How PostgreSQL has popularized open source enterprise databases [Q&A]
Although open source has gained in popularity in recent years, in some circles it's still viewed as being inaccessible to all but tech experts.
But that's starting to change, the PostgreSQL database has earned a strong reputation among businesses for reliability, feature robustness, and performance and has contributed to the growth in open source.
We spoke to Marc Linster, CTO at PostgreSQL specialist EDB to find out why he believes the open source database may now be coming of age.
BN: Why has the market for PostgreSQL exploded in the past year?
ML: One reason Postgres has exploded in popularity in the past year is because it has crossed a visibility threshold. It was initially released in 1996, starting from a small base and staying under the radar for two decades. It's grown quickly over the last four or five years thanks to an accumulation of events creating steady, organic improvement, which has driven Postgres adoption. That improvement included the addition of enterprise features to Postgres' design, such as replication for high availability, scaling to more cores, parallel query, logical replication, and significantly higher performance.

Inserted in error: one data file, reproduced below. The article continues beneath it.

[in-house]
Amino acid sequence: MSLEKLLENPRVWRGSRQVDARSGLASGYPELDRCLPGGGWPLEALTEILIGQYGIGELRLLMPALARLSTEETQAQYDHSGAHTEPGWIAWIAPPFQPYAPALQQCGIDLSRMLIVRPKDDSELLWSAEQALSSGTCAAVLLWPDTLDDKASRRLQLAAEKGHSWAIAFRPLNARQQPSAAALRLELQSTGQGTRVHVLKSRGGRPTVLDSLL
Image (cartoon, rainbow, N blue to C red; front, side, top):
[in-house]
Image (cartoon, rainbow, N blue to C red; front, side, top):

Postgres has also become more popular because adoption of open source in general has grown. Enterprises -- conceptually and mentally -- are becoming more open source-ready than in the past. A few years ago, most businesses considered it too complicated and risky, but this is no longer the case. They are maturing, and most now have a framework for leveraging and participating in open source. There are also now more commercial vendors who offer open source products.
Cost is another factor. Database licenses take up a significant amount of budget. The timing has been perfect for a new database to become available, offering a reduced cost, alongside companies becoming more familiar with using open source software.